King Jesus

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Christmas is upon us.

Unfortunately, this news is greeted with mixed emotions in the 21st century. Not least because a modern day Christmas is crazy stuff. It is full throttle. Pedal to the metal. Flying on all cylinders sorta stuff.

And naturally, our priorities are angled towards other things. Amongst the stuff, we tend to drop God down our list of priorities.

In fact, a prevailing view in society today is that Christ has lost relevance. This is a vague objection often blindly asserted in public places. It is this mammoth misconception founded on the belief that because times have changed, we don’t need God anymore.

Hate to be blunt, but you couldn’t be more wrong.

At Christmas we celebrate God putting us at the top of his priority list.

Christmas isn’t our busy lives stepping into God, but God stepping into our busy lives. Identifying with us. Sharing in our sufferings. Showing the deep love he has for us.

And if that doesn’t totally blow you out of the water, nothing will.

Christmas isn’t some watered down, lame fairytale we tell children before bed. We are celebrating the very presence of God here. God’s presence gives the world relevance. You’re unlikely to believe this if you don’t spend time seeking it.

And I’m going to show you why.

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At the birth of any baby, the first people invited to see the little dude or dudette are significant. VIP backstage pass sorta thing. It is usually reserved for close friends and family members.

We learn a lot about Jesus by the first people invited into His presence. God’s VIP list consisted of a poor couple, some lonely and inadequate outcasts, and three men sent by a corrupt king. A bit random to say the least. Not exactly hard hitting stuff.

Why were these people the first invited into the presence of God?

MARY AND JOSEPH

God called a poor couple from an average town, to share in the riches and deepest joys of his eternally worthy Kingdom.

The first people invited to the birth of Jesus was his parents. Go figure.

In the lead up to the first Christmas, the parents of Jesus would have been extremely excited and anxious. No other mother has a claim to fame quite like bearing the Son of God. And the build-up to this birth is still totally unrivalled.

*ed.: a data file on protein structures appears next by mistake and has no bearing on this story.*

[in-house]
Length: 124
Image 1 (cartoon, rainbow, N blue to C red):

Because this wasn’t your classic 9 month pregnancy. The arrival of some angels went a long way to confirming this wasn’t your average baby. Mary and Joseph would have been very aware of prophecies made about this baby centuries in advance.

The world had been expecting this champion for hundreds of years. 

So this was a huge calling. I can’t overstate the level of crazy this job description requires. But what is even crazier is that there was nothing particularly special about Mary and Joseph. They were just a poor couple from a dodgy town.

And yet, God promised Mary and Joseph that by accepting Jesus in humility and with joy, they would be used in an extremely powerful way for the Kingdom of God.

And they stepped out in faith.

THE SHEPHERDS

God called shepherds on the fringes of society, to a Good Shepherd who brings all people back to the centrepiece of civilisation

Back in the day, shepherds were pretty low on the social ladder.

In fact they probably didn’t even feature on the ladder. These guys often lived on their own, literally removed from society, as safety of the flock was at risk through the night.

So it is no surprise this is where history first records them. Tending to sheep and staying in the fields (Luke 2:8). A pretty boring arvo, until a host of angels show up announcing the birth of the Saviour of the world. Went from 0 to 100 real quick.  

And the shepherds were initially terrified. I mean, put yourself in their shoes. I’d be shaking like a leaf. But after processing the news, the shepherds dropped their work and hurried into town to see this King.

Here’s the cool part. The wise men brought gifts to Jesus (Matthew 2:11). The shepherds didn’t bring anything. They just came as they were. Wearing stinky and torn clothes, unshaven and unqualified, no social standing whatsoever. 

And yet, God promised the shepherds that by accepting the call with nothing to offer, everything would be offered to them in return. That from the fringes of society, they would be brought back to the centrepiece of civilisation.

And they stepped out in response to his call.

THE WISE MEN

God called wise men from a corrupt earthly king, to an eternal King who rules with justice and fairness.

History records these wise men as being royal astrologers.

There guys were an image of the smartest minds of the day. And not just your average astrologers, the royal astrologers. A good reference on your resume to say the least.

These men are best known for their pursuit of a star. Namely, Jesus. And it’s pretty crazy stuff. These men followed a star, a ball of gas millions of kilometres away in the universe, which according to their intellect was stooping over Jesus (Matthew 2:2).

All of creation bowing down to this Jesus. Not your average baby. Heck, not many can claim to using the universe as a sort of traffic light. Directing everyone to himself.

Equally important to note is that the wise men were from eastern lands (Matt 2:1). This is significant stuff. Because to this point in history, God’s people were almost exclusively citizens of Israel. And yet these wise men weren’t even from Israel.

They probably didn’t even know the language. But you see, God reached out to these men in a language they understood. He used their knowledge on the universe, the very line of their work, and brought them to Jesus.